I also think the idea of putting keyways and keys in the end pieces is not needed. The assembly is plenty rigid with both 1/4-20 screws and nuts drawn up tight.

    One thing I think may be worth mentioning ois the idea given to me by a firend recently of using bulb-ended pins for guide pins. The idea is that we all know trying to slide a long straight pin into a long straight hole is a recipe for jamming as it is nearly impossible to lift or set a flask on another while maintaining perfect horizontal alignment of the flask. One side or end always tends to be a bit higher than the other. And immediately the pin jams in the hole. One way to get around that and still have pretty tight tolerances on the pin diameter and hole diameter is to make the pin with a bulbose nose. That way if there is slight misalignment of the pin in the hole, the bulb still follows the hole but does not jam. One of my pics shows how I relieved the area behind the nose of my 1/4" diameter pins about .015" The leading end was not reduced. The mating holes are nominally 1/4" diameter---surely a few thou over that and I did make one hole of a pair a bit elongated to allow some lengthwise slop in the way pretty standard for many builders, I think. But the bulb noses really do allow for smooth sliding together of cope on cheek and cheek on drag.
    You can just see where the pin is relieved beginning about 3/16 of an inch from the end.
    AL Flask 39.JPG

    The set. The whole set is about 27 x 11 x 9 inches
    AL Flask 43.JPG AL Flask 42.JPG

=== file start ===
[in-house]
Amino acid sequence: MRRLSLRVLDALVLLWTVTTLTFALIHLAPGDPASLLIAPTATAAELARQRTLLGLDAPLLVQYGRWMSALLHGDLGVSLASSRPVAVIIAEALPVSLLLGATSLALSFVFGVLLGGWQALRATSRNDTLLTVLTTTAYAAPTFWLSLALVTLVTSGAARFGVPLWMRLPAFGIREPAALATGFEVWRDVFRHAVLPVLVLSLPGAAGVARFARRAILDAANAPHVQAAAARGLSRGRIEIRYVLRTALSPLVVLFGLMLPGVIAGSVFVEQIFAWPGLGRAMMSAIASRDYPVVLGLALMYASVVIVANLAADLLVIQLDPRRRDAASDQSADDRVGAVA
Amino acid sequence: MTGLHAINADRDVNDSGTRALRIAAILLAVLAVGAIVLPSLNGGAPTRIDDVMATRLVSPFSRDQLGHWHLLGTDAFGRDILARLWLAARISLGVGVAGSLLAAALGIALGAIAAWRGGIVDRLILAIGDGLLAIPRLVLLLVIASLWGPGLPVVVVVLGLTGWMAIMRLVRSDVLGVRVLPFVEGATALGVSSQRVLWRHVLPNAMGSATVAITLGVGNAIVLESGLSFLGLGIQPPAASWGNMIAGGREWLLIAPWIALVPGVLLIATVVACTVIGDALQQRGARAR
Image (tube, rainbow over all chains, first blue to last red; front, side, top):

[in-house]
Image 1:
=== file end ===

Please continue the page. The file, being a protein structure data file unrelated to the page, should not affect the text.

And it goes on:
You cna see where I welded in a shrink defect on the cope pin boss. My tendency to have everything perfect pushed me to recast the otherwise perfectly functional end piece. I resisted.
    AL Flask 41.JPG
    Torx-drive flat-head screws were used for end lifting and fixing pins.
    AL Flask 40.JPG

    I feel a little bad I seem to be the only one posting on this thread. Is anyone else proceeding to make patterns and/or casting flask parts?

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  17. Al2O3

    Al2O3 Administrator Staff Member Banner Member

    Not planning to cast any flasks but have been following along. They came out very nicely. When is the maiden voyage?

  18. Melterskelter

    Melterskelter Gold Banner Member

    I think they will taste sand tomorrow and hopefully iron Thurs or Friday. The weather is the pits of late. But I really need to get some straight edges cast and to get them cast pretty soon.

    The whole assembly weighs 27 pounds.


    I am indebted to HT1 for starting the thread
    Last edited: Nov 17, 2020
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  19. DavidF

    DavidF Administrator Staff Member Banner Member

    I've been following along too.
    Wish I had the time to make myself a set.
  20. OMM

    OMM Silver Banner Member

    I've been following along. I'm just watching and educating myself. Dennis I absolutely love watching the videos. Please keep them coming. I wonder sometimes if there is an extrusion that is already designed that can pick up most of the features of a corebox. Something that is just easy to cut to length and add pin locations and corners